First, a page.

Rwanda + 1 more

Ugandan papers report Rwandan troop deployments at common border

Kampala, Uganda (PANA) - As tensions mount between the two neighbours in the wake of accusations that each was harbouring and aiding dissidents against the other, Kampala newspapers alleged Tuesday that Rwanda was amassing troops on its common border with Uganda.
According to a lead story in the Monitor Newspaper, heavily armed troops have been deployed in the Rwandan districts of Mutara, Byumba and Bulita near Uganda's border sub-county of Rubaya in the southwestern town of Kabale.

The paper quoted Kabale Resident District Commissioner Lt James Mwesigye as confirming receipt of reports about the Rwandan troop deployment, saying he was following up the matter.

Equally quoted was James Kairu, a local councillor of Kamwezi, which borders Rwanda.

"The Rwandan deployments have generated great fear among locals, and the matter is to be discussed with the district security officials," Kairu told the Monitor.

The paper, however, quoted Rwandan Army spokesperson Major Jill Rutaremara as denying his country had stepped up troop deployment along the Uganda border.

"The last time there was a change in deployment in the areas mentioned was between 17 September and 5 October last year when our forces withdrew from DR Congo," Rutaremara said.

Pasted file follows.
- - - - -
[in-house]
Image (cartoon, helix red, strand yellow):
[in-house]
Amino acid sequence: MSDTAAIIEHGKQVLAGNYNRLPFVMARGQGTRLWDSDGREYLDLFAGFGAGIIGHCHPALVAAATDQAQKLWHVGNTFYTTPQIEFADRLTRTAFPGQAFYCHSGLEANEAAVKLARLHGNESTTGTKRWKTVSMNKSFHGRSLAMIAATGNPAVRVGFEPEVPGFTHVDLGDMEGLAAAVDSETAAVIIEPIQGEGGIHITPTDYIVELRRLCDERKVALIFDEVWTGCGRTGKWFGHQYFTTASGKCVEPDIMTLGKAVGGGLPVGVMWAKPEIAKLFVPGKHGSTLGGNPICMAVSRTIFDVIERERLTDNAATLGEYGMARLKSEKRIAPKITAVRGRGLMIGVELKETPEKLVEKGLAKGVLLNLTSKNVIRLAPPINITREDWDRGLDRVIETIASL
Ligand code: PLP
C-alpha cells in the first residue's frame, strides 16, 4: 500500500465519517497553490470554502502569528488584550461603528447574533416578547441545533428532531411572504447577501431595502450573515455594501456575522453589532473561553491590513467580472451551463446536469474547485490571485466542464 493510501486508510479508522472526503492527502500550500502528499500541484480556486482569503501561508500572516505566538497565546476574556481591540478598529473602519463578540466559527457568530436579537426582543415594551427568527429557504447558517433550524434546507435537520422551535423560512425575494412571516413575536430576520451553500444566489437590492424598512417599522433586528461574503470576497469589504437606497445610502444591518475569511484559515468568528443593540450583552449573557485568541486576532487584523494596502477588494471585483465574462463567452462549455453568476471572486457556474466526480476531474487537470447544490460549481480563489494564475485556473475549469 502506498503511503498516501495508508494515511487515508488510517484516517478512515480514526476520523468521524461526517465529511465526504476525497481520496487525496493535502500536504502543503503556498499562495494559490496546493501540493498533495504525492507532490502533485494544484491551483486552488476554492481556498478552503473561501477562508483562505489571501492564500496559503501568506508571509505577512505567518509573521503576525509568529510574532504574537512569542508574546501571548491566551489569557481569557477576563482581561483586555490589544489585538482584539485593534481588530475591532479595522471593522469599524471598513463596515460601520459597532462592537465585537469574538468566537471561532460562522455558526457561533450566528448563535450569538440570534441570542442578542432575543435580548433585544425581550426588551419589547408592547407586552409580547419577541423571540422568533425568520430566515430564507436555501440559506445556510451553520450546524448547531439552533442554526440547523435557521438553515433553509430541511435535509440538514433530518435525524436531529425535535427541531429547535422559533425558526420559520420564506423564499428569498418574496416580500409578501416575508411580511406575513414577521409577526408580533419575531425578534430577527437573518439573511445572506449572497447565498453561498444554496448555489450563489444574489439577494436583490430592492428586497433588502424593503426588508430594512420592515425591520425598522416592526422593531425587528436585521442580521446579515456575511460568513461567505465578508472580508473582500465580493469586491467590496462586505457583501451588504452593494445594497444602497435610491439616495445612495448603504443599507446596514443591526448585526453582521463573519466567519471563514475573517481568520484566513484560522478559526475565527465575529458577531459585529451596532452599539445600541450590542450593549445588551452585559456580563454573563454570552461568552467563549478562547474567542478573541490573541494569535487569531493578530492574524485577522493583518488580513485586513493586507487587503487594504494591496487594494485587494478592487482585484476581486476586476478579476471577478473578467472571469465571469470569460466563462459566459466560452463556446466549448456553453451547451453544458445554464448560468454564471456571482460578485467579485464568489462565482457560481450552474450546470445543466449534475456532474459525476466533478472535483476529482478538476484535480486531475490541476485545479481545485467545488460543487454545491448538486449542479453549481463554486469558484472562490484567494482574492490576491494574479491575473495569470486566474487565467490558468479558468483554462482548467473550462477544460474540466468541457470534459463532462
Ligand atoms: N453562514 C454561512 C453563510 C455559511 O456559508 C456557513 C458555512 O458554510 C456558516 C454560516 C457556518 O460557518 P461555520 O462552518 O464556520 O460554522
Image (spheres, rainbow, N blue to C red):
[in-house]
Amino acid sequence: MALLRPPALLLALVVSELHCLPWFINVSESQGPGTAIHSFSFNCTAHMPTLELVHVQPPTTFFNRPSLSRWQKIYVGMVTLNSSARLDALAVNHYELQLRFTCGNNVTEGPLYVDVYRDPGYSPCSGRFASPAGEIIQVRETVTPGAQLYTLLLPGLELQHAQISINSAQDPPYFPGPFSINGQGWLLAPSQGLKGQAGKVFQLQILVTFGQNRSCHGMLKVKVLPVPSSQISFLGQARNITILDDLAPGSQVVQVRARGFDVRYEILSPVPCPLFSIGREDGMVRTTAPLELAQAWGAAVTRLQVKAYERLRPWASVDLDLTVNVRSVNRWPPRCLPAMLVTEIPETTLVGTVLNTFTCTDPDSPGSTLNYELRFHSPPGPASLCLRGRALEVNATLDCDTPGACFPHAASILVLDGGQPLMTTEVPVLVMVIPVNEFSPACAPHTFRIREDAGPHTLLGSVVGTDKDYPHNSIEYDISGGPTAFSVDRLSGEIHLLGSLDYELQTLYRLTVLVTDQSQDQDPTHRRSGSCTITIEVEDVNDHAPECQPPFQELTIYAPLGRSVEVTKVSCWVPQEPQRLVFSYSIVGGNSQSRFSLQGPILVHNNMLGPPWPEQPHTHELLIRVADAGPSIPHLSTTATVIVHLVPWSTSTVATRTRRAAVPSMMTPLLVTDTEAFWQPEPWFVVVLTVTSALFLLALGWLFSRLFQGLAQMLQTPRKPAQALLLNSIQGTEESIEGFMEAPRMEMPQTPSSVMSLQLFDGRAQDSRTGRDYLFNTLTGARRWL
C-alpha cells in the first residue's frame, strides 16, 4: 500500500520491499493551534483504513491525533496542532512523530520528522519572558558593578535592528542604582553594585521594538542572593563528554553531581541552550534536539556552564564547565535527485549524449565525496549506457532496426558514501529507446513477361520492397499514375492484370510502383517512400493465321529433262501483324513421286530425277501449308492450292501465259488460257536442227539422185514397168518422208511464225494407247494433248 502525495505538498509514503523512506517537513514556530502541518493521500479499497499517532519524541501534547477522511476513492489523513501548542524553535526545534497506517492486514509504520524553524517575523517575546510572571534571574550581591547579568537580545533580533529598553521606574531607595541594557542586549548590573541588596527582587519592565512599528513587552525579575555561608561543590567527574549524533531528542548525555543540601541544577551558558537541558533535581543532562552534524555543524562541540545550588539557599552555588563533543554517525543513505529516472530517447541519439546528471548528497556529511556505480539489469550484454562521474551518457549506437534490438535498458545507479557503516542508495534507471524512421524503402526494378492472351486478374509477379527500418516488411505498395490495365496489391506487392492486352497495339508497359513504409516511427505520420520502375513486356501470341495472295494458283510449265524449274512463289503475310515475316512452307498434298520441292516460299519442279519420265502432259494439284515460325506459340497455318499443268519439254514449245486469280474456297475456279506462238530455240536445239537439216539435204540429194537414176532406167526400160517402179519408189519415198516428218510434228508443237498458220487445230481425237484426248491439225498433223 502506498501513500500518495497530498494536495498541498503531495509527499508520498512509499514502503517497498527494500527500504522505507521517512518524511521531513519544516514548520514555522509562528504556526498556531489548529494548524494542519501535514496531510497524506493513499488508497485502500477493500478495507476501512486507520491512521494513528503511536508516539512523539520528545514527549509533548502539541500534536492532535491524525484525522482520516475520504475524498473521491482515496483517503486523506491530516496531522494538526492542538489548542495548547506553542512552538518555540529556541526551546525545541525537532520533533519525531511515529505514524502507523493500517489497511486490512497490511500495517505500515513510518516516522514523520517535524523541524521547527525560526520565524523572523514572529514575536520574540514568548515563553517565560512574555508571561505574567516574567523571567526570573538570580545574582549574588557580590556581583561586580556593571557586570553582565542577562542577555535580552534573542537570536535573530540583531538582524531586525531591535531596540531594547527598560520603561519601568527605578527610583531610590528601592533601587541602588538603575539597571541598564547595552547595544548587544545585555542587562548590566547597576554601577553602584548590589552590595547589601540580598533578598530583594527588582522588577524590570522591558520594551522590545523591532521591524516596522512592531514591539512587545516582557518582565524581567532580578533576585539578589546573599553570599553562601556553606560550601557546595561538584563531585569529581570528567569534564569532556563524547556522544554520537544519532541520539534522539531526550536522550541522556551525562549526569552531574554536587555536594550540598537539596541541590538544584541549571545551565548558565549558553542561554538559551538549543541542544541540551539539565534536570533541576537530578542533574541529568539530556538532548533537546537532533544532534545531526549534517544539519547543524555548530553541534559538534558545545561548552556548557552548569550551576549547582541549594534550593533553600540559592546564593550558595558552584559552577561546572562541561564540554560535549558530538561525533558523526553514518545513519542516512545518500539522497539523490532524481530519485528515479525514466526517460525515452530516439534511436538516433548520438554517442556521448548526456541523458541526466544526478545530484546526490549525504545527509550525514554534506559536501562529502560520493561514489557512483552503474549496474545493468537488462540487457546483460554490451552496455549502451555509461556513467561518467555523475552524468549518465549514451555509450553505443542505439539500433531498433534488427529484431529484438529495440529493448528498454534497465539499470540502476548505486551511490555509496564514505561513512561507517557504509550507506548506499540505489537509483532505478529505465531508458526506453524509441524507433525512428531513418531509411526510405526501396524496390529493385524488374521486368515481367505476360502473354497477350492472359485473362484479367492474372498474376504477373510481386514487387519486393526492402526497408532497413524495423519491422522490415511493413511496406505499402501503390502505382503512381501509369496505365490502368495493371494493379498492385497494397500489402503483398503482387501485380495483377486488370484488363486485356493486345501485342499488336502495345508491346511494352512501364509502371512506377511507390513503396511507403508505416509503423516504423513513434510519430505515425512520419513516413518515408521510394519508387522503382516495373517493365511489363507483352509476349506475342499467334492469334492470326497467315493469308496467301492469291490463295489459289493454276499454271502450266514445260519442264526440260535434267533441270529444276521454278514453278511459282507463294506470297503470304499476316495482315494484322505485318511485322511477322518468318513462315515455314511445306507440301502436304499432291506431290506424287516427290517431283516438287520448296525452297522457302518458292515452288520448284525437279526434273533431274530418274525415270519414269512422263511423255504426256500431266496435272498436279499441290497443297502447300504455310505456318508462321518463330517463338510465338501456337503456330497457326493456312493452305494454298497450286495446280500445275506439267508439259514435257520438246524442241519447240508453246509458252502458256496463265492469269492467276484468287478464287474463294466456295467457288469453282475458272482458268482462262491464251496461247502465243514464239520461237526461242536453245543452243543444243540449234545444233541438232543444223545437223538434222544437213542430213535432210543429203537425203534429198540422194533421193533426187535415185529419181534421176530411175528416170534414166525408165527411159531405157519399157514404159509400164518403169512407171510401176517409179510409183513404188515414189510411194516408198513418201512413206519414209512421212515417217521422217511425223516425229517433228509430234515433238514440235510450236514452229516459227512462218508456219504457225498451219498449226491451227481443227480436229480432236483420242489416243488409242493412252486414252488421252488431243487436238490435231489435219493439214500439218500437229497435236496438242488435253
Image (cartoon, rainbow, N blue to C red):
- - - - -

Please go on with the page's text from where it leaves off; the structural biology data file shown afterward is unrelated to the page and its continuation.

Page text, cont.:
Other press accounts affirmed that the Ugandan Army had also increased its presence along the border with Rwanda, but army spokesperson Major Shaban Bantariza said he was not aware of any fresh deployment.

"I cannot tell whether we have responded [to Rwanda's deployment] or not," Bantariza told PANA on telephone, when contacted for comment on the allegations.

Uganda of late accused an unnamed country of fighting alongside the rebel Union of Congolese Patriots (UPC), which fought Uganda troops in the northeastern DR Congo town of Bunia last Thursday. A week earlier, Kigali alleged that a military spy plane flew into Rwandan airspace from Uganda without permission -- a charge Kampala denied, saying none of its military aircraft flew anywhere near the border.

Ugandan authorities said the suspected aircraft might have been a small plane hired from Kenya to photo-survey the country's water catchment areas along the Rwanda border.

Kigali had also demanded to inspect three major refugee camps in southwestern Uganda close to the border, alleging Uganda security authorities were arming and training dissident Rwandan groups to fight the regime of President Paul Kagame.


Pan African News Agency
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